Moderator Steve Colwell of the Sea Change Foundation starts us out by confronting the idea that climate change is a strictly environmental issue, for donors who fund in that area. Rather, he says, outcomes on issues like food and water are closely related to what happens to the global climate. Rosamond Naylor of Stanford University shows us several disturbing slides that map what areas of the world will see dramatically hotter summers as the 21st century unfolds. These temperature rises are likely, so how do we adapt? Naylor walks us through efforts to breed crops and structure local agriculture to withstand hotter conditions. Solar-powered drip irrigation can make all the difference, for instance.
Hal Harvey, who leads the philanthropic collaborative Climate Works, says philanthropists must do three things to be effective with respect to climate change mitigation: 1) do the math; 2) focus on policy; 3) narrow their decision-making. The math, as he illustrates through a terrific series of slides showing how much carbon abatement is needed in which countries from which industries, shows what countries and industries need intervention. Once you do the math, you will find that philanthropic dollars must leverage public and business dollars; otherwise we simply cannot get enough done to stabilize carbon levels at reasonable levels. This happened when philanthropic dollars led California to adopt a tougher carbon emissions standard for cars, which was subsequently adopted nationally by the Obama administration.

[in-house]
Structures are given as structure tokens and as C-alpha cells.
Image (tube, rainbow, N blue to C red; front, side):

How much donor giving is needed to change policy? Not as much as one might think: Harvey argues that there are ways to partner with local organizations in India, China and other countries that are pivotal to climate change mitigation that will help philanthropic dollars go much further. Harvey urges donors to direct their giving carefully based on where it will be leveraged to affect policy decisions in these critical places.